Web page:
Golden Deli’s spring rolls, cha gio, are crusty, golden things, four inches long and as thick as a fat man’s thumb, crudely rolled in a manner that suggests rustic abundance rather than clumsiness, and perfectly, profoundly crisp. You wrap leaves of romaine lettuce around them, forming bursting green tacos that you may stuff with fistfuls of mint, cilantro, opal basil, and rau ram, an odd, elongated herb with a powerful metallic taste. You may add a few shreds of marinated carrot and turnip, a slice of cucumber, and a squirt of hot chile paste. You dip the bundles into little bowls of nuoc cham, which is the thin, sweetish fish sauce that Vietnamese use as ubiquitously as Americans use catsup. Then you bite through the vegetable-crunchy herbs to the many-layered rice-paper crispness of the spring roll wrapper, hot oil, the garlicky, pepper-hot forcemeat of crab and minced pork inside. No two bites are alike. Golden Deli has a long and complicated menu, but it is difficult to contemplate a meal without at least one order of the cha gio.

Golden Deli was my first real foray into Vietnamese food. I was in awe of the way, in Counter Intelligence, Gold described the components of the must-order appetizer and precisely contrasted the pho broth to those of other shops in L.A., approaching its dauntingly large menu with unmitigated purpose and translating the restaurant’s appeal to a larger audience. Back then, I became hyper aware of the way I had automatically dismissed the notion of white people appreciating things like fish sauce, strange herbs, and strips of tripe floating amongst thin rice noodles in beef broth. Gold’s words, his humility, his kindness and most of all, his way of learning about and understanding people and their traditions, gave me the glimpse of the integrated Los Angeles I wanted to see and make real in my own life.


Zach Brooks, founder Midtown Lunch, Food Is the New Rock

While nobody was paying attention, food quietly assumed the place in youth culture that used to be occupied by rock ‘n’ roll — individual, fierce and intensely political, communal yet congenial to aesthetic extremes: embracing veganism or learning to butcher a cow; eating tofu or head cheese, bean sprouts or pigs’ ears.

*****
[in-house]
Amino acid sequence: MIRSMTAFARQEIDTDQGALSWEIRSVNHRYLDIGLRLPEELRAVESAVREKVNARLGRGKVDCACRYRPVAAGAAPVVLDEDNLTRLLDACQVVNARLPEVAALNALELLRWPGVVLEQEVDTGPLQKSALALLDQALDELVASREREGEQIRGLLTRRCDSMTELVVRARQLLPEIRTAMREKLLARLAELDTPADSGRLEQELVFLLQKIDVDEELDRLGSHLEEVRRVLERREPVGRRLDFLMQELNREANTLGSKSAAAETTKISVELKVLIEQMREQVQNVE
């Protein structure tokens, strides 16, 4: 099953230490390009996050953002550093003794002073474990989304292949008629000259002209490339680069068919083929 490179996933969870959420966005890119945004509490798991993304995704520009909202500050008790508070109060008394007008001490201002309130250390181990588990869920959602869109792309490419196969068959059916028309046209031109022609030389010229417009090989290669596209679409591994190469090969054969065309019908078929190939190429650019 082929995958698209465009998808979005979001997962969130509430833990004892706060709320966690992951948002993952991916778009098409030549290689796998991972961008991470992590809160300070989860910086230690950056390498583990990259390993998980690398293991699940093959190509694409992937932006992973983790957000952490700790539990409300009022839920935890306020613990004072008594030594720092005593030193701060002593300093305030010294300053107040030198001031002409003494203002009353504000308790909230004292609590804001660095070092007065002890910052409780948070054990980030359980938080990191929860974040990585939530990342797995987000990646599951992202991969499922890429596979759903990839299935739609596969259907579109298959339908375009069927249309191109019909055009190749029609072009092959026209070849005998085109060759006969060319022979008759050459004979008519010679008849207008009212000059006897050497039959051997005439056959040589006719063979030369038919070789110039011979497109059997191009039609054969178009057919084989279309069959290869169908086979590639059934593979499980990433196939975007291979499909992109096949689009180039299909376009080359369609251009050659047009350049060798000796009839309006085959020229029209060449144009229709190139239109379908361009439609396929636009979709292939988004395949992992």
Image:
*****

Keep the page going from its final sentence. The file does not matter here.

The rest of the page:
When I started Food Is the New Rock, there was no question in my mind who was going to be the very first official guest and I didn’t launch the podcast until I got Gold to (finally) say yes. He started his career as a music writer, famously chronicling the birth of West Coast Hip Hop for Spin and LA Weekly, and I was excited to hear him talk about going to barbecues at Easy E’s mom’s house, or running into Dr. Dre at Junior’s Deli. He was the embodiment of our thesis, as well as its inspiration and validation. I admired him so much and am scared to think about just how much he will be missed.


Hadley Tomicki, writer, editor

Counter Intelligence was my bible when I moved back to SoCal in 2004, way more seductive and comprehensible than the Thomas Guide for charting LA. I prize so many J Gold reviews. His lyrical writing made me fall in love with this city and see that its sidewalks were more beautiful than its stars before I even traveled its full breadth. My all-time favorite might be his review of El Parian and an image often comes to mind from his first review of Roy Choi’s Chego, where he describes “a rice bowl highlighted by a slab of pork belly that has been burnished as lovingly with Korean chile paste as a ‘64 Impala show car has been rubbed with lacquer.”

But it’s this paragraph from his original review of Mo Chica in LA Weekly that continues to blow my mind:

On one of my walks to a cevicheria, my path was suddenly blocked by a tiny sedan with a little cherry of a red light on top, a bulby police car that looked like something out of Roger Rabbit, and the two police officers gestured for me to get in. It was not a pleasant ride. They yelled at me in Spanish, and laughed when I told them I was just going for ceviche. The one in the passenger seat pulled out a pistol, pointed it at my head and whispered, “Boom.” They drove me by a crumbling prison, slowing down so that I could see it well. And when they finally got tired of me — they figured out I wasn’t a terrorist or a drug dealer — they patted me down, took exactly $200 from my money belt and let me out in front of what they said was a much better ceviche restaurant than the one I had been trying to walk to. It was the best ceviche I ever had in my life.


Josh Lurie, founder of Food GPS

Jonathan Gold showed the world that restaurants are about so much more than the foods that appear on plates or in bowls. Restaurants are about the people who run them, their cultures and traditions, and their contributions to connected communities. His artistry went way beyond how he described the decor. He also dazzled readers with poetic context that set the scene by drawing from a bottomless well of pop culture references, geography and history lessons. I don’t know whether it’s my all-time favorite Jonathan Gold prose, but his Langer’s Deli description was evocative in ways nobody else could have captured.